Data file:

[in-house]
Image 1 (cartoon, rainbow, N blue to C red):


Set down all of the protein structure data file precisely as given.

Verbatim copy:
[in-house]
Image 1 (cartoon, rainbow, N blue to C red):